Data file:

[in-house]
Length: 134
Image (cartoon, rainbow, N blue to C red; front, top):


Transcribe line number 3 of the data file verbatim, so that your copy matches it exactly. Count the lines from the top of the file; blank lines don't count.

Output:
Image (cartoon, rainbow, N blue to C red; front, top):